In conversations about God I’ve had with a wide variety of people, as well as theological lectures I have witnessed either in church services or through independent study, God has frequently been referred to as an “omnipotent” being. When I was young, before I began questioning the existence of God, I used to take this information wholly and without argument.
If a God created existence, that God must be omnipotent, correct? This is, after all, the basis on which God is based in nearly every monotheistic religion.
However, omnipotence is, in itself, problematic and creates irreconcilable paradoxes in not only God’s metaphysical prowess, but also in the context of human free will.
First, a definition of “omnipotence” is in order. To be omnipotent is to be “all-powerful,” meaning a God that is omnipotent must be fully capable of performing any task no matter how big or small. An omnipotent God would have absolutely no restriction to their power.
But, logic fails when a God is described as omnipotent.
As described above, an omnipotent God would be fully-capable and unrestricted in ability, so the enduring question must be asked:
Can an omnipotent God create a stone the omnipotent God cannot lift?
Some would say “yes” if pressed for a quick answer, claiming that because God is all-powerful, the creation of an immovable stone is well within God’s power. However, this answer explicitly states that God is actually impotent. If God can create a stone that God cannot move, then God’s failure to move the stone is a sign of his impotence. Likewise, if God cannot create a stone that God cannot lift, the failure of God to create such an immovable stone is a sign of impotence.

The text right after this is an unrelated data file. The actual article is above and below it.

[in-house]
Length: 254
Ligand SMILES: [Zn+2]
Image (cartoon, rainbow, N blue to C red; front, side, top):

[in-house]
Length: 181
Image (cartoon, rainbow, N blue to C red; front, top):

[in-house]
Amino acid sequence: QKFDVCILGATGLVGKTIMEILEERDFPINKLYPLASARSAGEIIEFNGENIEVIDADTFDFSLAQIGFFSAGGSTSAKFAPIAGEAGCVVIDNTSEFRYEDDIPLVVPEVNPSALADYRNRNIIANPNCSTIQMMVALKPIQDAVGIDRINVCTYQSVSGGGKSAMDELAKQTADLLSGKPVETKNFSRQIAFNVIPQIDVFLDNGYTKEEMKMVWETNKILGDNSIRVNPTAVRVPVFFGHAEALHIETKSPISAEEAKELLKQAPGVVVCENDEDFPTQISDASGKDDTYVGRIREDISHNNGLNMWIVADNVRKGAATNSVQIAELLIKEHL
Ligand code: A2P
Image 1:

No matter which way one answers, God is actually impotent.
When I would ask priests, pastors, and Christian adherents about human nature and how such evil in the world can exist despite an omnipotent and omnibenevolent (all-loving) God, I was told the vast majority of the time that evil exists in the world because humans choose to do evil. Basically, God granted humanity free will.
God’s impotence complicates the argument of free will as well. Can an omnipotent God create a person that said omnipotent God cannot control?
God creates a person and for the sake of example, this person’s name is Reggie. Reggie has free will and over the course of Reggie’s life, he will make decisions that align him as either good or evil. If God were omnipotent and omnibenevolent (wholly good), then God would make Reggie be wholly good, for the possibility of Reggie being evil (as a creation of God) would stand in defiance of God’s omnibenevolence. If Reggie were forced to always choose good — because Reggie must be wholly good — then Reggie does not have free will.
This is what’s known as the Problem of Evil. The mere existence of evil raises serious questions of not just an omnipotent, omnibenevolent God, but of God’s entire existence. An omnibenevolent God just would not allow evil to exist and an omnipotent God would have the ability to create a space where evil does not exist. The fact that history is littered with people who have done evil, reprehensible things requires the questioning of God’s actual existence.
Basically, either God is impotent or simply does not exist. Humans do not have free will so long as an omnipotent, omnibenevolent God exists. Yet, humans do make choices. I made the choice to quickly jot down some thoughts on omnipotence. I could have just as easily chosen to watch YouTube videos instead.
The fact that I made the choice to jot these words down is proof alone that God cannot be omnipotent, especially considering that to God, these words are heretical. As I am currently sinning in the most mortal of capacities, if an omnipotent God existed, I would not be able to hit the publish button right… about… now.